Record-breaking cargo of scale handled by Port of Waterford

Cargo of a record-breaking scale was handled by the Port of Waterford over the weekend.

A vessel load of 80 metre-long wide-turbine blades, the largest ever in size to be imported to Ireland were shipped to the Port of Waterford due to the Port’s expansive riverside space, ability to handle cargo of exceptional size and proximity to the motorway network.

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The vessel, BBC Citrine 153m arrived from Turkey with the 80m long blades, which are the longest ever imported to Ireland, and it is believed are also the longest in the UK.   The record-breaking exceptional loads of wind turbine blades were unloaded and are currently been stored at the Port.  They will then be transported by road to their destination at Cushaling Wind Farm, Co. Offaly.

Port of Waterford CEO David Sinnott says, Port of Waterford was chosen as it is the only port in Ireland capable of handling these long components, in addition, a second ship arrived with the tower section components for the same project.  

While the Port of Waterford handed similar cargo in 2023 this is the first time that components of this scale were handled through an Irish Port. 

I would like to take this opportunity to thank the personnel here at the Port, again the team worked together to ensure smooth delivery. Thank you to the Port of Waterford marine, tug and mooring operatives, pilots, agents, stevedoring cargo handlers, South East Port Services and transport operators, Colletts Transport and Celtic Shipping; who are all playing an important role in the current and future provision of clean renewable energy to the national grid.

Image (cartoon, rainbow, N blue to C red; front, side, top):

The role that our national ports will play in the provision of offshore wind energy is a current topic and this particular project proves the important role that port teams are already providing in the creation of the current onshore wind energy infrastructure. 

Port of Waterford is strategically positioned to support the future offshore wind energy sector and has currently proposed a 250m quay extension to further support this work and future growth in the sector while also recently applying for a Marine Area consent (MAC) to the Marine Area Regulatory Authority (MARA). 

Here at Port of Waterford, we know that the proposed new facility and the proven expertise of the Port of Waterford team will ensure the further and future provision of even more clean renewable energy for our grid whilst also having a great economic impact on the entire South East region.

Cushaling Wind Farm is being developed by Statkraft and will mark the first use of the Vestas V162-6.2 MW EnVentus turbines in the Irish market. The 9 turbines, which have a tip height of 185 metres and will be the largest on any wind farm in Ireland, will maximise the potential of the local wind energy resource. The nine-turbine development, which will deliver 55.8MW of urgently needed clean renewable energy to the grid, represents a €95 million investment by the company.

Belview Port is the centre of operations for the Port of Waterford.  The port is served directly by the N29 and the N25, which provide direct connections to the M9 motorway. The port is also served directly by a rail connection, which provides the port with exclusive access to the national rail network.

Several organisations and teams were involved in the record-breaking project over the weekend from the Port of Waterford marine, tug and mooring operatives, pilots, and agents, stevedoring cargo handlers South East Port Services & transport operators, Colletts Transport and Celtic Shipping.

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